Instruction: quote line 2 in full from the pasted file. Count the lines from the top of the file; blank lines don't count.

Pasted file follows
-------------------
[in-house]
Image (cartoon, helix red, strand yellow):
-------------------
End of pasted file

Image (cartoon, helix red, strand yellow):